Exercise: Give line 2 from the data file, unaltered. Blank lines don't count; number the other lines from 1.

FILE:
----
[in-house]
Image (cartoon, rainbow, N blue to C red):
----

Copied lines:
Image (cartoon, rainbow, N blue to C red):